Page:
I’ve been a Tyson fan ever since I saw the interview he did with Steven Colbert in 2010 (Remember that one?) But, seriously, who doesn’t love the guy? He’s super-smart, super-nice, funny, personable and driven. And he’s truly making the world a better place. Using his increasing fame to spread the Word of Science, he has seamlessly grasped the baton left by Carl Sagan — who became America’s first science sweetheart when he launched the TV show Cosmos: A Personal Voyage in 1980.
I also admire Tyson for his views on religion, which never fail to come up during his sit-down talks with his fellow scientist Richard Dawkins. The two spoke for nearly and hour and a half in Tyson’s office a few weeks ago — all of which was filmed and can be viewed here.
Although neither scientist believes in God, Dawkins is, of course, unabashedly anti-religious. He treats religion a bit like a fly in his line of sight, ignoring it when he can but swatting at it with dismissiveness and irritation when it comes too close.
Tyson’s attitude on the matter is more like my own. In his view, religion is only as benign or harmful as the people who wield it. How to deal with “religion,” then, depends on the type, location and specific actions of a particular brand of religious person. Tyson acknowledges that he is bothered when religion creeps into school classrooms or government decisions but has no desire to rid humanity of religion.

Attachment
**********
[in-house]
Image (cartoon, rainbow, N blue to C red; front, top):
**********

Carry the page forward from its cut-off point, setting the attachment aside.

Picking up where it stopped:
“Sometimes people just want to feel rather than think.” Tyson told Dawkins at one point.
“I care less whether someone is religious than whether they have the capacity to think logically. But, more broadly, what I object to is dogma being the foundation of governance.”
Yes, he added, “dogma is a big part of religion,” but there is plenty of nonreligious dogma corrupting our world as well.
Dawkins and Tyson appeared together yet again on Real Time with Bill Maher show a couple of days ago. (That clip is below.) In terms of their interactions, they were entirely respectful of each other but customarily firm in their differences. Dawkins, who is more like Maher in his no-nonsense, unapologetic, call-it-like-you-see-it activism, again reiterated that religion — particularly religion that undermines science — is threatening. And, like Maher, he sees ridicule as a fair tactic in advance of reason.
Tyson, onto other hand, reiterated that he saw no benefit in attacking religious people as idiotic; as an educator, he sees his job as leaning into his opponents with kindness — hoping that others, religious or not, may become enlightened on their own.
I love Neil’s take on this. And I think he’s right.
Although I appreciate Maher’s astute and very funny observation that Tyson plays the “good cop” to Dawkins’ “bad cop,” I think the world needs more good cops — both on the streets, in science labs, and on Maher’s show. Ridicule is very funny and emotionally satisfying to people who agree with you; but it is takes an awful lot of collateral damage — and is almost completely ineffective.